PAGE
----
The taxable portion of your distribution may be subject to a 10% premature distribution tax, in addition to any income tax due, unless an exception applies. Exceptions to the penalty include distributions after age 59½, distributions on account of disability, qualified reservist distributions, and distributions to pay medical expenses.
Rollovers and conversions
Rollover of non-Roth funds
If your in-service withdrawal qualifies as an “eligible rollover distribution,” you can roll over all or part of the withdrawal tax free to a traditional IRA or to another employer’s plan that accepts rollovers. In general, most in-service withdrawals qualify as eligible rollover distributions except for hardship withdrawals and required minimum distributions after age 70½. If your withdrawal qualifies as an eligible rollover distribution, your plan administrator will give you a notice (a “402(f) notice”) explaining the rollover rules, the withholding rules, and other related tax issues. (Your plan administrator will withhold 20% of the taxable portion of your eligible rollover distribution for federal income tax purposes if you don’t directly roll the funds over to another plan or IRA.)
You can also roll over (“convert”) an eligible rollover distribution of non-Roth funds to a Roth IRA. And some 401(k) plans even allow you to make an “in-plan conversion”–that is, you can request an in-service withdrawal of non-Roth funds, and have those dollars transferred into a Roth account within the same 401(k) plan. In either case, you’ll pay income tax on the amount you convert (less any nontaxable after-tax contributions you’ve made).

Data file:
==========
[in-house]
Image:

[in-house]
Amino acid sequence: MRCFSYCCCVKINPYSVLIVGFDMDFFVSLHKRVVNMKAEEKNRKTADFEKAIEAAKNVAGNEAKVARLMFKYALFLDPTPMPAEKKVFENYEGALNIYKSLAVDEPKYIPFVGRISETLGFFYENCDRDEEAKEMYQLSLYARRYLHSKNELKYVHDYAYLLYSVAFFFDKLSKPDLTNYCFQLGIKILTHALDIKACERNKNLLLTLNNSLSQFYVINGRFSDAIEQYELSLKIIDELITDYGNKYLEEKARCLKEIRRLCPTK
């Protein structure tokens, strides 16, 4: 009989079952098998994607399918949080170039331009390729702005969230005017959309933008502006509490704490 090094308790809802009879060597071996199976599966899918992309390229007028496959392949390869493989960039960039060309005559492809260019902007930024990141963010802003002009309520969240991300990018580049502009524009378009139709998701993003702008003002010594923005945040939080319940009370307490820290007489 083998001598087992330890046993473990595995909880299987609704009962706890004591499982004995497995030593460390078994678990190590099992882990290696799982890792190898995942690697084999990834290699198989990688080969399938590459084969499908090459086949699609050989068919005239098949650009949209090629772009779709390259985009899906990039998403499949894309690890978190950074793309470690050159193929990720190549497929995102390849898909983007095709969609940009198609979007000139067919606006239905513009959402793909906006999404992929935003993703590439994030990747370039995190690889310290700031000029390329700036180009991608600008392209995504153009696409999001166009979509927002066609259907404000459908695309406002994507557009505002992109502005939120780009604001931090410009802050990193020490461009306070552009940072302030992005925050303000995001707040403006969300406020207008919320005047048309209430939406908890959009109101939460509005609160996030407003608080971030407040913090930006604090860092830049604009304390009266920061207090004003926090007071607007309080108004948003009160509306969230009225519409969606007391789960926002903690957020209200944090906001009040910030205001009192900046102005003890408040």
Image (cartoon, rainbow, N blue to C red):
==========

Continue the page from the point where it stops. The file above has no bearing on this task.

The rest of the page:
Rollover of Roth funds
If you withdraw funds from your Roth 401(k) account, those dollars can only be rolled over to a Roth IRA, or to another Roth 401(k)/403(b)/457(b) plan that accepts rollovers. (Again, hardship withdrawals can’t be rolled over.) But be sure to understand how a rollover will affect the taxation of future distributions from the IRA or plan. For example, if you roll over a nonqualified distribution from a Roth 401(k) account to a Roth IRA, the Roth IRA five-year holding period will apply when determining if any future distributions from the IRA are tax-free qualified distributions. That is, you won’t get credit for the time those dollars resided in the 401(k) plan.
You should become familiar with the terms of your employer’s 401(k) plan to understand your particular withdrawal rights. A good place to start is the plan’s summary plan description (SPD). Your employer will give you a copy of the SPD within 90 days after you join the plan.